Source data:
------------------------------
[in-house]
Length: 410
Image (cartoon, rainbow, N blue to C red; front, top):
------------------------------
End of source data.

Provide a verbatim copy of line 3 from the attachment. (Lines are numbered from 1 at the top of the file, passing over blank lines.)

Image (cartoon, rainbow, N blue to C red; front, top):